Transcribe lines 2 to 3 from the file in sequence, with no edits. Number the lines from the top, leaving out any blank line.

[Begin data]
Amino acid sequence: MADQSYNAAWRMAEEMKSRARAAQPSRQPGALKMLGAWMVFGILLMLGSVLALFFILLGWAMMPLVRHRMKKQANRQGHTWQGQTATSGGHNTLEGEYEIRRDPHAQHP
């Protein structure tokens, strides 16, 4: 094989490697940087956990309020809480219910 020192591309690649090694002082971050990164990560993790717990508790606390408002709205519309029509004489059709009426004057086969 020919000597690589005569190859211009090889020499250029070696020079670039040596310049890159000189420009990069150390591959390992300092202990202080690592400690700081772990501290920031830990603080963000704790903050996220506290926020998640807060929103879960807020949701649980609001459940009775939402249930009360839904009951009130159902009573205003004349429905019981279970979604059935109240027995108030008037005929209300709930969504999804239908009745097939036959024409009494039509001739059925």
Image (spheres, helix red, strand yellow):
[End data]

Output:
């Protein structure tokens, strides 16, 4: 094989490697940087956990309020809480219910 020192591309690649090694002082971050990164990560993790717990508790606390408002709205519309029509004489059709009426004057086969 020919000597690589005569190859211009090889020499250029070696020079670039040596310049890159000189420009990069150390591959390992300092202990202080690592400690700081772990501290920031830990603080963000704790903050996220506290926020998640807060929103879960807020949701649980609001459940009775939402249930009360839904009951009130159902009573205003004349429905019981279970979604059935109240027995108030008037005929209300709930969504999804239908009745097939036959024409009494039509001739059925």
Image (spheres, helix red, strand yellow):